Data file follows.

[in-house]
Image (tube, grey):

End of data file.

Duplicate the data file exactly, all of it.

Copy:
[in-house]
Image (tube, grey):